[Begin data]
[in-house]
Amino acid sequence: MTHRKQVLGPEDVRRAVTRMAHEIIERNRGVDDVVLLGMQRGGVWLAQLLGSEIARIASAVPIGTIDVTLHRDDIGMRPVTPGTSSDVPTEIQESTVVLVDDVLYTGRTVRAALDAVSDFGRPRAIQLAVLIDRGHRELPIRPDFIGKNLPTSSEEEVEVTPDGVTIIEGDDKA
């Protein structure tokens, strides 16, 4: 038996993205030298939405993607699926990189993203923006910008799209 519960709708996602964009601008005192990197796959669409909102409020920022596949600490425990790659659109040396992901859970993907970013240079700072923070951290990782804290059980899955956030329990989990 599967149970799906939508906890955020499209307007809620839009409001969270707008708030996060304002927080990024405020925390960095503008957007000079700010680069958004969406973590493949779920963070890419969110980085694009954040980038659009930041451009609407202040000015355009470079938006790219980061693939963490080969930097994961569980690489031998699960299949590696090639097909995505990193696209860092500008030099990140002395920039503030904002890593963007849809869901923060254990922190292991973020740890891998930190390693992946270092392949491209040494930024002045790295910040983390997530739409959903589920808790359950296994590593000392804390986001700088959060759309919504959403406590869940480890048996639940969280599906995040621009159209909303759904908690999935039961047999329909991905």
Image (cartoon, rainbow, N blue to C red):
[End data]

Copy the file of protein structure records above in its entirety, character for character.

[in-house]
Amino acid sequence: MTHRKQVLGPEDVRRAVTRMAHEIIERNRGVDDVVLLGMQRGGVWLAQLLGSEIARIASAVPIGTIDVTLHRDDIGMRPVTPGTSSDVPTEIQESTVVLVDDVLYTGRTVRAALDAVSDFGRPRAIQLAVLIDRGHRELPIRPDFIGKNLPTSSEEEVEVTPDGVTIIEGDDKA
């Protein structure tokens, strides 16, 4: 038996993205030298939405993607699926990189993203923006910008799209 519960709708996602964009601008005192990197796959669409909102409020920022596949600490425990790659659109040396992901859970993907970013240079700072923070951290990782804290059980899955956030329990989990 599967149970799906939508906890955020499209307007809620839009409001969270707008708030996060304002927080990024405020925390960095503008957007000079700010680069958004969406973590493949779920963070890419969110980085694009954040980038659009930041451009609407202040000015355009470079938006790219980061693939963490080969930097994961569980690489031998699960299949590696090639097909995505990193696209860092500008030099990140002395920039503030904002890593963007849809869901923060254990922190292991973020740890891998930190390693992946270092392949491209040494930024002045790295910040983390997530739409959903589920808790359950296994590593000392804390986001700088959060759309919504959403406590869940480890048996639940969280599906995040621009159209909303759904908690999935039961047999329909991905």
Image (cartoon, rainbow, N blue to C red):